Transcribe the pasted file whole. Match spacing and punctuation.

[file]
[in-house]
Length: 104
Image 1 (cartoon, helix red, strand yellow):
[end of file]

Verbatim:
[in-house]
Length: 104
Image 1 (cartoon, helix red, strand yellow):